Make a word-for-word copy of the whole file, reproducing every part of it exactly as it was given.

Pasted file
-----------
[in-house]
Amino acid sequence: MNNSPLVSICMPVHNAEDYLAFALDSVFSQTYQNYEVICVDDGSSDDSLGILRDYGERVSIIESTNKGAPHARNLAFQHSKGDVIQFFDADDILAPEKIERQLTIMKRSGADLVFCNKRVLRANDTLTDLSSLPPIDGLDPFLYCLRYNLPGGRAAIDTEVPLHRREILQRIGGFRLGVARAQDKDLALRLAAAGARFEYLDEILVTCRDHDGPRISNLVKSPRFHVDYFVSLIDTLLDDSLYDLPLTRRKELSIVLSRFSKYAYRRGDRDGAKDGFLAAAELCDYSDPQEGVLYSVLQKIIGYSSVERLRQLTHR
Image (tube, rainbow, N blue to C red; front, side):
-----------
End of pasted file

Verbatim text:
[in-house]
Amino acid sequence: MNNSPLVSICMPVHNAEDYLAFALDSVFSQTYQNYEVICVDDGSSDDSLGILRDYGERVSIIESTNKGAPHARNLAFQHSKGDVIQFFDADDILAPEKIERQLTIMKRSGADLVFCNKRVLRANDTLTDLSSLPPIDGLDPFLYCLRYNLPGGRAAIDTEVPLHRREILQRIGGFRLGVARAQDKDLALRLAAAGARFEYLDEILVTCRDHDGPRISNLVKSPRFHVDYFVSLIDTLLDDSLYDLPLTRRKELSIVLSRFSKYAYRRGDRDGAKDGFLAAAELCDYSDPQEGVLYSVLQKIIGYSSVERLRQLTHR
Image (tube, rainbow, N blue to C red; front, side):